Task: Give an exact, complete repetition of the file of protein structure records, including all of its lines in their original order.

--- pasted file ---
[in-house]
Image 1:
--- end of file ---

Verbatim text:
[in-house]
Image 1: